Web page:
9.15am Back to out-patient pharmacy. Started dispensing to patients from out-patients clinic. Today was diabetes day. Quite busy.  One patient had high blood glucose level despite on high dose insulin. Suspected non-compliance. Roped in to counsel. Re-teach technique and stressed on the importance of taking the shots on time.

10.30am Out-patient crowd thinned. Back to the ward to catch tail-end of ward round. Queried doctor on plan for some patients. One patient was going home with a newly prescribed MDI Salbutamol. Sat down with patient to do bedside counseling. Went through asthma in layman’s term with him – used the blocked pipe analogy. Demonstrated three times before patient fairly competent.

11.00am Another bad news. The weighing scale is broken! Called HQ. Can’t buy another one at the moment because its too expensive. Oh no….

11.15am Back to office intending to do some paperwork. Doctor rang for drug info – answered the query. Staff came in saying a patient is reluctant to inject IM Provera, due to fact that prior injection resulted in prolonged fever. Went through case notes, found out the previous injection was IM Lucrin. Confirmed correct medication was ordered with doctor, then assured patient while personally escorting her to see the nurse administering the injection.

11.40am Patient newly started on Humapen requiring counselling. No prior experience but very willing to learn. Went through the whole gamut with her: what is diabetes, why need to treat, the goals of treatment, what is insulin, how to prep pen, how to inject, where to inject, what to do on sick days and detection and treatment of hypoglycaemia. Took a full half an hour.

12.15am Returned to office desperately wanting to finish the items on “to-do” list. Called some wards to tell them their Diazepam had expired, better come and exchange. Indented the drug to them. Packed some dangerous drug (DD) tablets that is low on stock. Prepared the specifications output report for admin. Did counselling statistics – 37 patients counselled thus far these 2 months, on the right path to hit the 200 target I set for this year.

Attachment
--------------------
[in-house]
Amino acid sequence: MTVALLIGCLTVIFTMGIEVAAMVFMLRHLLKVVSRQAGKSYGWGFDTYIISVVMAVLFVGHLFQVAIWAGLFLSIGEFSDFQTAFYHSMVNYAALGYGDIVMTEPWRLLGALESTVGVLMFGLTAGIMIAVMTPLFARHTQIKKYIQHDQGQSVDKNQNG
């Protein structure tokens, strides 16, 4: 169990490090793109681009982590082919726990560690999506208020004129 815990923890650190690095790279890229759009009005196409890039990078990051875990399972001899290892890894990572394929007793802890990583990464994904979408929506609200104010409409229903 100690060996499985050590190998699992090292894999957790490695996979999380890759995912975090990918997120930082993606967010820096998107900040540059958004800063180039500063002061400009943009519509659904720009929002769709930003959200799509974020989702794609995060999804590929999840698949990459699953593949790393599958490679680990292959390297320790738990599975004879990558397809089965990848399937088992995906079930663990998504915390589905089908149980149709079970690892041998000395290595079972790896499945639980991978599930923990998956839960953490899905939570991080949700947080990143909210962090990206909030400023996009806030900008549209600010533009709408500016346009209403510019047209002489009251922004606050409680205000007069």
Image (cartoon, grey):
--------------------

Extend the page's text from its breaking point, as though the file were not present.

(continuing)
1.00pm It’s Lunch time! Went home to have a healthy meal of chicken breast fillet salad with French dressing.

1.50pm Back to office to read up some articles on nephrotic syndrome to make sure patient is managed correctly.Dalat Hospital (a small Hosp nearby) called to borrow Potassium Chloride mixture. Gave them three litres in exchange of loaning their weighing scale. Agreed. Problems solved with mutual benefits.

2.30pm When to pharmacy store to go through the report with the staff there in detail, to find out the source of the discrepancies. All the figures made my head spin.

3.00pm A visit to the inpatient pharmacy. Taught the staff there how to use a min-max thermometer – newly acquired to ensure better management of cold chain item.  Collected all February scripts to scan through for prescribing patterns.

3.30pm Afternoon ward round. Went to 3 wards: Male, Female and Paed. Go through new cases in male and all cases in female and paed. Only found a small problem, doctor indenting methyldopa as metformin. But nurses were alert to it anyway.

4.15pm  Paperwork, paperwork and never-ending paperwork. Rearranged the mountains of paper on my table. Filed noted items. Printed out notice for the next Continuous Professional Development (CPD) presentation. Aimed to do twice per month so that every staff can collect more than 30 points per year. Its next Monday and I will be presenting. Sigh… need to go home and prepare. 

5.00pm Yes! Time to go home. Managed to finish 5 items on the to-do list. 50 percent…not bad. Did a new one for the next day. 5+3 = 8 items =(

My days had been action-packed like this for the last month. Anyone interested to be the only pharmacist in a district hospital? ^^